Veganism is not about our health but theirs; it is about ethics, not food; about animal rights, not cupcakes.
Since I became vegan I have seen many more animals suffer and die than ever before; not in videos or in photographs, but in reality. I have seen thousands and thousands of chickens, cows, geese, pigs, and turkeys imprisoned, for consumption of anything from their glandular secretions to their very corpses.
Many of them were lying among their kin or in trash bins, already dead; the others doomed to be murdered. Yet I was not able to free more than a few dozen birds (mostly hens) and even fewer mammals—a raccoon from a box in an allotment garden, a cat who lived in a birdcage, a horse one day before he would have been sent to the slaughterhouse, dogs, foxes, guinea pigs, minks, rabbits, and sheep. Speciesists who regard animals as property call it larceny.
What impacted me most was a cow who was killed before my very eyes when I had only been vegan for three years, and just had started my abolitionist activism which led me to an abattoir. This traumatic event made sure that, unless subjected to a lobotomy or my brain attacked by alien brain suckers or zombies, I will always be vegan.
To replace the captive bolt gun, the slaughterhouse managing director (who happened to be the supervising veterinarian of the slaughterhouse and an animal welfarist), tried to introduce a new “animal friendly” electric stunner. They used it on several sheep, a bull, and two cows.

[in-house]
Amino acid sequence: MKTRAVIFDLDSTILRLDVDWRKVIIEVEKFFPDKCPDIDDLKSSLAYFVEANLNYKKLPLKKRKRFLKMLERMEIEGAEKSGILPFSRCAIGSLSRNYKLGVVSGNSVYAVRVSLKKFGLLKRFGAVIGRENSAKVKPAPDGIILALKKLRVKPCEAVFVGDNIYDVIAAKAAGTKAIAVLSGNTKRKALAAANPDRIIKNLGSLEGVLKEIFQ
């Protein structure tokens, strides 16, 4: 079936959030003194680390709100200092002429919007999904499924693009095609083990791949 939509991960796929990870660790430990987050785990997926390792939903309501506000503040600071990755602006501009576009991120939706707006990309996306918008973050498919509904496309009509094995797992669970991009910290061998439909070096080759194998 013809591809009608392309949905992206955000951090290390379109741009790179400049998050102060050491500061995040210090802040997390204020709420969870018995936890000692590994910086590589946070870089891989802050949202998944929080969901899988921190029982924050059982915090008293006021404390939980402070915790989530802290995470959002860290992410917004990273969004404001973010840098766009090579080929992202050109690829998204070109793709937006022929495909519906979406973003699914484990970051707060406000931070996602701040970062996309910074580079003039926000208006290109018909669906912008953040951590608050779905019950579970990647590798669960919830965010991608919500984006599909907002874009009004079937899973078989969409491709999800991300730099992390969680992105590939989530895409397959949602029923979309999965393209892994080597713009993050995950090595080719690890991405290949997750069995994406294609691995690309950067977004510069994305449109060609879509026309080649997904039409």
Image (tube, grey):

This cow was hanging, from a chain tied around her hind limb, seemingly unconscious. A stream of blood as thick as my wrist poured from her throat. Then she regained consciousness. She opened her eyes; opened them wide in fear and pain. Standing a few feet away at her side I looked into her left eye while she looked into mine. She raised her head for a moment and the fountain from her throat grew even thicker. It seemed like she tried to scream; a silent scream from someone whose throat was cut, which led to a death rattle. There was nothing I could do to help her. That was some twenty years ago, but these images are burned into my brain; I will never forget that glance she darted at me.